Attention commuters!   Doc South here with the morning traffic report for Ruth Lane near Port Murray, New Jersey. First the weather! Skies are clear. Chilly and breezy conditions prevail through morning mist. It’s a beautiful day along the Musconetcong River.

One pickup truck passed our vantage point about one half hour ago. It was on an emergency run to the fire hall with coffee creamer and from there to work. Speed limit today will be reduced from fifteen miles per hour to ten miles per hour due to rain drainage ruts on the west slope. Expect construction delays of up to five minutes shortly after lunch when our neighbor and his kids rake loose gravel into the ruts using his Farmall LawnTractor.

On her morning stroll down the lane, Millie the Hound left a surprise along the shoulder of the road right near the dead tree stump. Avoid this area at all costs till it rains again. Take care as Millie expects to once again patrol the area just before the afternoon homeward rush.

Detours are in place at the Old Turnpike Road junction. The bridge is still out. Once again, motorcyclist are reminded that it is forbidden to jump the bridge. All terrain vehicles may however cross at their usual ford in the east shallows. Please do not rev your engines if trout fishermen are present.

Leaves placed on the roadside will be picked up in the Spring…maybe.

Be wary of night crawlers crossing the roadway during the early morning hours. Worms have feelings too. Remember that low flying birds in search of worms do have right of way. Horse riders are reminded that elongated morning and evening shadows seen on the roadway may cause premature ejection from your mount.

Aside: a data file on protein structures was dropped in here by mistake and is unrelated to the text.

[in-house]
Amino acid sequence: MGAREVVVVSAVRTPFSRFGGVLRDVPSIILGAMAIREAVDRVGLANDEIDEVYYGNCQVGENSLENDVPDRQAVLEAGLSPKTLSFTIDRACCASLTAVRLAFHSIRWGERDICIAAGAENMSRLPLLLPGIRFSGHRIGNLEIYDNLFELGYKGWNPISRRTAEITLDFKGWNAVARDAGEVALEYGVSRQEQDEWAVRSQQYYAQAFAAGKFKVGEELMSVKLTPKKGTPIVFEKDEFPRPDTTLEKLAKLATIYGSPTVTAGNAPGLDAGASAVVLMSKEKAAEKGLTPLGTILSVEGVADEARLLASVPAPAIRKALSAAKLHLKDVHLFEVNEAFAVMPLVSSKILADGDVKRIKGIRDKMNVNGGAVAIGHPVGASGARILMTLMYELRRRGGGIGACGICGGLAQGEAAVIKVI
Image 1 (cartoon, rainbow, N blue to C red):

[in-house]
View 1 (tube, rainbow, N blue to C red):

There have been reports of vagabond squirrels dropping black walnuts on passersby. Be alert and always use the buddy plan when walking down the lane.

Out on the river channel, bubbles are moving right along with a minimum of backed up foam. Fish are reporting no congestion in all channels moving both up and down stream. However, there is a plank of driftwood blocking the side channel one hundred yards downstream from the bridge construction and a small slab of concrete has reportedly fallen from the bridge before construction began. Work crews have this situation under control and will retrieve the block before bridge completion.

Rowdy gangs of geese have been spotted. Patrols of snapping turtles have been beefed up to move them along. Noise complaints from screech owls are being investigated. This concludes your morning Ruth Lane Traffic Report on I may do an evening rush hour report if my nap doesn’t take too long. Stay tuned.




There was this wonderful girl named Joanne that I had known for years. This was back in 1981 and, I was just back from the Carolinas. Now and then she and I would go out on a date to have a bit of fun. We’d drive out to the Meadowlands and play the horses. It’s a bit of a drive from the track back to Hackettstown so we’d get to talking. She liked hearing of my adventures from down south. They weren’t anything too special really, but it was fun for me to tell them. She especially liked me talking about my getting into radio down there with an oldies show. We’d yak all the way home.